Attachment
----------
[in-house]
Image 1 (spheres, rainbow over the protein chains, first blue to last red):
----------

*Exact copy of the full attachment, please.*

[in-house]
Image 1 (spheres, rainbow over the protein chains, first blue to last red):